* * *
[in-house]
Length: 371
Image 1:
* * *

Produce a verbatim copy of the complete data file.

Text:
[in-house]
Length: 371
Image 1: